When you own a home and want to sell it to buy a place that’s nicer, you are likely to confront two obstacles:
- You need a down payment to buy Home No. 2, but you can’t get hold of that much money until you sell Home No. 1.
- You want to qualify for a mortgage on House. No. 2 while you’re still on the hook for the loan on Home No. 1.
These problems are easily solved if you’re willing to sell your home and live elsewhere while you look for another home. But what if you don’t want to do that? What if you’re the typical move-up buyer who wants to move directly from one home and into the other?
2 simpler options
The simplest scenario, says Lori Jasicki, a senior loan officer and a branch manager with Inlanta Mortgage in Brookfield, Wisconsin, is to make your purchase offer contingent on the sale of your home. But in a competitive market, it can be tough to find a seller to accept that contingency.
Some local or regional banks offer a bridge loan, but they’re challenging to find and very difficult to qualify for, says Josh Moffitt, president of Silverton Mortgage Specialists in Atlanta.
You can borrow against home equity
“Homeowners who don’t have the cash to make a down payment on their next home can tap into an existing home equity line of credit or get one before they put their house on the market,” says Malcolm Hollensteiner, director of retail lending products and services for TD Bank. “A lender won’t give you a line of credit once your home is on the market.”
However, borrowers will have to qualify to make the payments on their current first mortgage, their home equity line of credit and the mortgage on the next home when they’re ready to move.
“The lender will count the current loan as part of the debt-to-income ratio, unless your house is under contract with a verified deposit and a financial commitment letter from the buyer,” Hollensteiner says. “The sellers would also have to prove that they have significant cash reserves just in case the deal would fall through.”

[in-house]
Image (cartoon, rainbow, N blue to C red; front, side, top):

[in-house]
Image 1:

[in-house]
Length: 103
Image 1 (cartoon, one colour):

Bank offers a specialized equity loan
MVB Mortgage, a regional bank that offers loans to customers in Washington, D.C., Maryland, North Carolina, South Carolina, Virginia and West Virginia, recently introduced a “cross-collateralization loan,” which helps clients transition from one home to the next.
They do this by making a loan on the equity in the homeowners’ current home. The borrower makes monthly interest-only payments. The loan is paid in full when the home is sold. The borrower agrees to sell within 12 months.
“Because these are portfolio loans, we don’t generally have to follow Fannie Mae or Freddie Mac guidelines,” says Jay Richardson, a senior loan officer with MVB Mortgage in Fairfax, Virginia. “We qualify borrowers on the end loan only because the current home will be paid off as soon as the house sells.”
Cash reserves are required
Richardson says the minimum required credit score in most cases is 700, and that an approval can depend on the cash reserves of the borrowers, as well as the amount of home equity.
For example, if the borrowers intend to buy a $700,000 home, they need at least $175,000 of equity. Move-up buyers making a big leap in home price may need to come up with additional down payment funds.
Some loans need small down payments
Jasicki says buyers may qualify for 100 percent financing with a USDA loan or a VA loan if they have unused VA eligibility.
FHA loans require down payments as low as 3.5 percent. Loans backed by Fannie Mae and Freddie Mac can have down payments as low as 3 percent, although availability is limited. These home loans require mortgage insurance.
Piggyback loans return
So-called piggyback loans were popular during the housing boom that collapsed in 2008. With a piggyback loan, the borrower gets a primary mortgage for 80 percent of the home’s price, plus a home equity line of credit for 15 percent. (The HELOC “piggybacks” on the primary mortgage.) With this loan structure, the borrower makes a down payment of 5 percent.
“We recently brought back 80-15-5 loans, which could help move-up buyers since they need to only come up with a 5 percent down payment,” Moffitt says. “They can pay off the 15 percent loan when their home sells, and they avoid paying private mortgage insurance.”
Some tap retirement accounts
Moffitt says some move-up buyers borrow from their retirement accounts for their down payment and then repay the loan as soon as their house sells, although he warns that borrowers need to carefully review the rules about that type of transaction.